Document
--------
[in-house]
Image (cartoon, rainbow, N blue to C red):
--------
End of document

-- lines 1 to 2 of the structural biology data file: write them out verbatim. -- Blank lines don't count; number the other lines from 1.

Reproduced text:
[in-house]
Image (cartoon, rainbow, N blue to C red):